Schoonselhof Cemetery, Antwerp. Last resting place of Frank Lawrence, 19.

According to the Clevedon Civic Society World War 1 Casualty List (no longer online): Frank Lawrence, aged 19 of 9 Strode Road, went to France in April 1918. Three  weeks later he was wounded and captured . He died in the German Hospital in Antwerp as a result of poor medical conditions when the Germans deserted the city. He was buried at the Schoonselhof Cemetery, Antwerp. Plot IIa, 47.

St. Andrews Church Honor Roll in Clevedon lists the following information: Frank Lawrence, 19.2th (Service) (Bristol) Battalion. Private 44384. Born Clevedon. Enlisted Taunton. Formerly 68185 Devonshire Regiment. Died 21st October 1918. Aged 19.

Charles Carey was my dad’s first cousin, and my first cousin twice removed. His father was Charles M Carey, son of abolitionist Dr. Abel Carey, a Civil War surgeon. His mother was  Effie Inez Campbell Carey,  the sister of my great grandmother, Adella Campbell Greiner.

Charles attended Salem High School.

I haven’t ordered his military record yet, but here’s what I know.

Charles joined the US Marine Corps in April 1917. Two months later, after training at Quantico, he was assigned to Co A 6th Machine Gun Battalion. On June 12, 1918 he was wounded in action during the Battle of Belleau Wood and died the following day. He was 20.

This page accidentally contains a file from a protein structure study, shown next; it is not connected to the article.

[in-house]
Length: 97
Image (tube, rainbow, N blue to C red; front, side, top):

Bealleau Wood was the last major German offensive of the war.  A wiki entry for June 11th day before Charles was wounded describes the battle and the 6th Machine Gun Battalion:

At 04:00 on 11 June, Wise’s men advanced through a thick morning mist towards Belleau Wood, supported by the 23rd and 77th Companies of the 6th Machine Gun Battalion, and were cut to pieces by heavy fire. Platoons were isolated and destroyed by interlocked machine gun fire. It was discovered that the battalion had advanced in the wrong direction. Rather than moving northeast, they had moved directly across the wood’s narrow waist. However, they smashed the German southern defensive lines. A German private, whose company had 30 men left out of 120, wrote “We have Americans opposite us who are terribly reckless fellows.”

The battle took a heavy toll:  U.S. forces suffered 9,777 casualties, with 1,811 dead. It was at this battle the Marines were allegedly given the name, “Teufelshunde”–Devil Dogs

I am sure I am the only person in my circle that grew up hearing stories about World War 1.  When we visited my great aunt the topic if Charles Carey nearly always came around. I have always felt a bond with him, and wish I’d paid more attention. My dad, turned 6 two before  Charles died. He had a military jacket cut down to size supposedly from one of Charles’ uniforms.  At least that’s the story. I  can’t imagine the Careys letting their dead son’s uniform be cut up for a snotty kid (which by all accounts my dad was.). I eventually inherited the jacket and wore it until the seams burst and the sleeves were nearly up to my elbows I don’t know what happened to it, but I can guess.My mother hated the jacket.  So un-girrly.  Whatever she did with the jacket, she saved the buttons and various insignia from it, now in my possession.

American Legion Post #65, Charales H Carey,  Salem Ohio